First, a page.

History and politics of Nepal’s school educationThe evolution of school education during the later decades of Rana rule from around the 1930s until the end of the Panchayat period in the 1990s is captured thoroughly in ‘School Education in Nepal’.
To understand the historical and contemporary context in which schooling education in Nepal developed, one has to raise certain questions: When and how did formal school education evolve? How did the state regulate the opening of schools before and after the 1950s? How did intersectional dynamics of caste, class, gender and societal politics play in the establishment and expansion of schools? How the state-led ‘nationalisation’ of schools and ‘standardisation’ of curriculum shaped the knowledge and impacted the learning experience of children from diverse social backgrounds? Readers will get answers to these questions in the book ‘School Education in Nepal: History, Politics and Society’ published by Martin Chautari, a Kathmandu-based research organisation.
In the past couple of years, under its book series, Martin Chautari has published a few other volumes on school education in Nepal, namely ‘School Education in Nepal: History and Politics of Governance and Reforms’, and ‘School Education in Nepal: Communityization, Federalism and Disaster’. Recently, another volume focusing on the Financial Aspects of School Education also came out.
The evolution of school education during the later decades of Rana rule from around the 1930s until the end of the Panchayat period in the 1990s is captured thoroughly in ‘School Education in Nepal’. Organised into six key chapters—apart from the introduction that sets a brief tone of the history of school education in Nepal—the book examines how successive regimes during the Rana and Panchayat period used school education as the most important tool to further their interests by restricting and regulating schooling, and the functioning of schools. This historical scholarship uses a wide range of published and unpublished archival sources complemented by interviews and personal accounts. All the chapters offer an intersectional element of dynamics of caste, class and gender and societal politics with the larger political context of the evolution of school education in Nepal.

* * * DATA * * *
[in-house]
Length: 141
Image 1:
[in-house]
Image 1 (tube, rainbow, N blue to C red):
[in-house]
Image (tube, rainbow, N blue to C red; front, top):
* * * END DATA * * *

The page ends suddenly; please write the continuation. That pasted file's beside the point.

Caste and school education
Historically class and caste system has played a significant role in determining access to formal schooling in Nepal. The erstwhile upper castes, traditionally placed in the dominant social position, have had greater access to education that helped them capitalise on socially valued resources. While traditional lower castes—such as Dalits and others in the margins—have had restricted access. This volume sheds light on how the caste system school education, influenced the appointment of teachers, development of school curriculum, and teaching style. An elaborate description of the history of upper caste Brahmins' access to school education has been captured by Arjun Panthi in his article on the educational dynamics of Brahmins. Panthi gives the readers an insight into the Harihar Sanskrit School in the erstwhile Gulmi district (now Arghakhanchi), started by a local individual philanthropist almost 100 years ago. Established around 1970 B.S. and later financed by a rich local Brahman man Harihar Gautam, the author pictures the context of student recruitment, curriculum and teaching method, provision for fellowships, its affiliation with a college as well as opportunities for higher education in Varanasi, India.
All these networks of relationships are likely to have shaped the social mobility of Brahmins since the past. The book also illuminates how the students who studied there were socially mobile, entered state institutions and expanded their power and influence, acquiring the necessary cultural capital. The text indicates that a good number of individuals from this region entered state institutions and Nepal’s bureaucracy in contemporary times because their families had the opportunity of early schooling.